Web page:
When I was younger, I never really felt like I fit in with the kids around me. No matter how hard I tried I always felt like an outsider — isolated and irrevocably different. I hated that. It tore me up inside. I wanted nothing more than to be one of them, to laugh like they did, to think like they did, to be what they were. By the time I started high school I was doing everything I could to be one of them. The boys were all strong and played sports. I started playing baseball and going to the gym. They made terrible jokes and I laughed even though I didn’t think they were funny and they all wore the coolest shoes so I did, too. Everyday I’d wake up hoping it wouldn’t be the day everyone around me finally noticed I wasn’t like them. I was a fraud and a fake and I never felt comfortable.
Through all of that, though, a few things remained core to who I was. I had been drawing and painting for as long as I could remember. That never left me. So, even though it wasn’t the cool thing to do, I signed up for freshman art that year. My teacher ended up being an amazing woman, Ms. Lori Warren. She, perhaps more than anyone else, helped me realize how valuable a strong, artistic perspective could be and how cool being a little bit different really was.
Our first assignment in her class that year was to create a self portrait. She asked us to go home, take a photo of ourselves with our phones and bring it in the next day. We were going to create collages. I’ve always been really afraid of photos of myself. They make me feel incredibly self conscious. So, instead of simply taking a standard photo, I spent hours coming up with a way to creatively cover my face. I ended up with a really cool portrait. I wore a dark hood and ominously laid my hands in a design across my skull. I was really excited about it. I charged confidently into her class the next day, portrait in hand. She loved it. She told me how much she appreciated my creative approach and how much she liked the image. It was a big moment for me. All my life I had been so afraid to go out on a limb, to create things as different as I felt. The rest of the class brought in normal photographs. I brought in something crazy. And she applauded me for it.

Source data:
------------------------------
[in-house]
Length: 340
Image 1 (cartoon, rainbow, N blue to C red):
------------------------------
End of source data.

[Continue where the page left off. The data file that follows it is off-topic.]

That moment, and so many others like it in Ms. Warren’s class, changed my life forever. She changed my life. I am who I am today because of her. She taught me that it was okay to be me, that there was value in being different. She taught me to think on a high level — that being smart wasn’t uncool, it was the greatest thing you could be. She taught me never to create without a purpose and to always have a reason. It was the beginning of everything — freshman art at American Heritage High School.
My music, and everything I do now, all leads back to those lessons. I work hard to create passionately and with care. I do everything I can to make sure every graphic, every lyric, every note and every show is the absolute best it can be because that is what excites me most. Delivering excellence to as many people as possible, anyone willing to listen. It’s not about money or success. It is about taking pride in what I do. Loving who I am fully and completely and loving the work I do just the same. I’ll never again pretend to be something I am not. I’ll give you all of me, and only me, for as long as I can. Unabashed and unashamed, I am Brother Sundance and Brother Sundance is me. It’s not a character, it’s not a cloak. It’s not something I hide behind. It’s my life’s work. And I could not be prouder of it.